That David has stepped beyond my view causes me the sadness that it does many of you. I will miss him, but I won't abandon him to mortality. I will think of him as existing within the animating life that insures existence. I will think of him and his family with that gentle regard in spite of all the contrary appearances on the mortal plane.
David's spirit and soul live well in my heart, among all the lovely people, who remember with me the good times, and the healing times, that were created for so many, including us.
I have fond memories. I wish him safe travels.
The Monkees frontman recently played NYC on Feb 18th at BB King's, one of his last shows ever. Video of Jones at that show, along with some other classic Monkees tracks, below....
After dropping out of the fine arts program at Wayne State University, Michael Davis became the bassist for Detroit's radical proto-punk band the MC5 in 1964, replacing original bassist Pat Burrows when singer Rob Tyner and guitarist Wayne Kramer decided that they liked Davis's style and wanted him in the band. He played on the band's three original albums, including their debut Kick Out the Jams, and remained in the the group until 1972. ...[Davis eventually] joined the Ann Arbor based art noise band Destroy All Monsters at the urging of friend Ron Asheton, of The Stooges. Davis spent seven years with Destroy All Monsters, penning the underground punk hits "Nobody Knows", "Meet the Creeper", "Little Boyfriend", "Rocking The Cradle" and "Fast City" among others. The band recorded and released on Cherry Red Records, toured the U.K., and then broke up. -[Wikipedia]Davis was the "D" in the 2003/2004 "DKT" reunion, which saw three members of the MC5 (Wayne Kramer and Dennis Thompson were the others) reunite to perform older material and eventually reform the MC5 with "Handsome" Dick Manitoba. That lineup technically still existed until this weekend. Though Michael Davis survived a near-fatal motorcycle accident in 2006, he passed away on Friday due to liver failure. The 68-year old is survived by his wife and four children (one from a previous marriage).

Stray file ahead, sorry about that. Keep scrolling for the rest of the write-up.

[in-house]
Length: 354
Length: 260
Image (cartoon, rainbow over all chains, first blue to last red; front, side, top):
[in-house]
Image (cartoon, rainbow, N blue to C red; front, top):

Billboard talked to Wayne Kramer, Ted Nugent and others...
"Michael was a major force in shaping the sound and attitude of Detroit's foremost band of the 1960s and beyond," said Dick Wagner, whose bands the Frost and Ursa Major hailed from the same southeast Michigan scene. "The MC5 was a Detroit music leader and scene-maker, and Michael Davis played his role as foundational driving force as the band's bass player. His place in rock history is firmly held."Detroit Free Press says, "In keeping with his wishes, no memorial service is planned for MC5 bassist Michael Davis, who died Friday in a California hospital at age 68. Davis had requested that his body be cremated, and that his family someday mix the ashes with those of his surviving wife, Angela Davis."
Wayne Kramer, the MC5's guitarist, said that, "Michael and I experienced so much together over our nearly fifty years of friendship. We shared great adventures when we were young and even had a few when we grew up. Despite life's twists and turns, and there were many, we maintained our connection. "I loved him dearly and told him so the last time we spoke."
Ted Nugent, whose Amboy Dukes tread the same territory, noted that, "The MC5 were such a powerful musical/spirit force to reckon with, and so very influential to all who witnessed their might, that it is a sad day when half of their incredible rhythm section is gone. Michael was a dedicated musician and a good man. In our Motor City musical wind, he will always be alive and kickin' out the jams."
RIP Michael Davis.
Check out some videos below..
Christopher Reimer @ Pop Montreal 2010 (more by Dominick Mastrangelo)